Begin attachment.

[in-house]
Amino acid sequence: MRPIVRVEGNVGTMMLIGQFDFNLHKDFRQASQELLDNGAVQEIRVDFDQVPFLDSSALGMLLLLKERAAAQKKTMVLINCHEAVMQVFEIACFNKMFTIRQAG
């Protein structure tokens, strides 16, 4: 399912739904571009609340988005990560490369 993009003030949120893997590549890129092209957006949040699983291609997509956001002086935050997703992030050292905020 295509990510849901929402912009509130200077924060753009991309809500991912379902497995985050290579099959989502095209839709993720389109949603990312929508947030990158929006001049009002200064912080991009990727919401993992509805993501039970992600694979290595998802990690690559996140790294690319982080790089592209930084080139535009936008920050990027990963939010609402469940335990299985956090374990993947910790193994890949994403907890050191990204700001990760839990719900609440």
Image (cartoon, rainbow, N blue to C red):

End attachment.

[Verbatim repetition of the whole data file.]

[in-house]
Amino acid sequence: MRPIVRVEGNVGTMMLIGQFDFNLHKDFRQASQELLDNGAVQEIRVDFDQVPFLDSSALGMLLLLKERAAAQKKTMVLINCHEAVMQVFEIACFNKMFTIRQAG
């Protein structure tokens, strides 16, 4: 399912739904571009609340988005990560490369 993009003030949120893997590549890129092209957006949040699983291609997509956001002086935050997703992030050292905020 295509990510849901929402912009509130200077924060753009991309809500991912379902497995985050290579099959989502095209839709993720389109949603990312929508947030990158929006001049009002200064912080991009990727919401993992509805993501039970992600694979290595998802990690690559996140790294690319982080790089592209930084080139535009936008920050990027990963939010609402469940335990299985956090374990993947910790193994890949994403907890050191990204700001990760839990719900609440």
Image (cartoon, rainbow, N blue to C red):